John Mann // What Flavor of Leader Are You?

March 28, 2019

John Mann is an Executive Faculty in Residence in the Economic and Business Department at Colorado College and is faculty advisor to our Alita Augmented Reality Team.

Like ice cream, leadership comes in many flavors.  There is no one best leadership flavor, just like there is no one best flavor of ice cream.  There is variety due personalities, interests, backgrounds and preferences.  No need for Pistachio Gelato to try to be Cherry Garcia.  But there are some fundamental qualities of great leaders.

The best leaders I’ve known stay connected across their organizations.  They see their role more as serving those who report to them, rather than the reverse.  You can find them out in the trenches more often than holed up in their corner offices.  They know the night janitor’s name.

Great leaders take joy in elevating everyone around them, recognizing that life is not a zero-sum game.

Great leaders lead by example, and know character counts.  They don’t just talk about transparency, integrity, drive, and valuing people.  They live these traits, and consequently don’t have to talk about them because people see those traits in their everyday actions.

Great leaders recognize they don’t need to be the smartest person in the room.  They value surrounding themselves with people who challenge them, and create a culture of candid, productive deliberation.  They listen a lot more than they direct.

And great leaders provide clear, challenging visions.  They create a sense of purpose that excites people to contribute their creativity and energy towards something challenging of great value.

One of the best leaders I’ve known was a general manager at Procter & Gamble.  I was newly assigned to the restaurant and office side of the Folgers coffee business.  The general manager called the entire management team to a conference room at headquarters.  It was highly unusual for that culture to have every manager from the brand, sales, finance, product development (my role), and even key managers from the coffee roasting plants, in the same room.  The meeting took 15 minutes. The general manager thanked us all for attending, and then went directly into a business review.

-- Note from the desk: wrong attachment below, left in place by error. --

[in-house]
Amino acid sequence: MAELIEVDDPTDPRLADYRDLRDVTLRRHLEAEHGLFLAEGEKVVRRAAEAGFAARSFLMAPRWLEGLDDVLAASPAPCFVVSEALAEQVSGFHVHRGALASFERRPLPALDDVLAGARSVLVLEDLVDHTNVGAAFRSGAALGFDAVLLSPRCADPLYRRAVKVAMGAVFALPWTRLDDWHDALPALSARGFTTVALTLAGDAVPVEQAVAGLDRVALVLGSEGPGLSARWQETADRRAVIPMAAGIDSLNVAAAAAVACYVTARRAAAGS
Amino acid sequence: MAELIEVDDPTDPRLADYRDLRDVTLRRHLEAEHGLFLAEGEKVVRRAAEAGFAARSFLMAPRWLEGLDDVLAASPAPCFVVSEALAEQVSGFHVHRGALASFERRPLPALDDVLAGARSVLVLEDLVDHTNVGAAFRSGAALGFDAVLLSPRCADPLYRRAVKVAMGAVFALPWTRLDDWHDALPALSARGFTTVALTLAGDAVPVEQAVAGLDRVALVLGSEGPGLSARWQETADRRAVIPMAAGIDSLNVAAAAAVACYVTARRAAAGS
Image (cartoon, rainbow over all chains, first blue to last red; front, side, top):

After the quick (and bleak) review, the general manager told us three things:

  1. The coffee business would be shut down in 18 months unless the team around the table can come up with a plan and return the business to growth before then.
  2. If the coffee business shuts down, we’ll all be looking for jobs, including me.
  3. We will only achieve success if we work together in a new way.  I trust you to develop a successful plan.  My door is open for whatever advice and support you need.  Keep me updated.

As he walked out of the room, he turned to say, “I suggest you keep meeting often like this as a whole team.”

After a long pause, those of us around the table quickly began to collaborate for collective success, breaking down the traditional barriers between our siloed functions.  We started to become a team.

And 18 months later, we were in business and growing nicely.

What flavor of leader are you?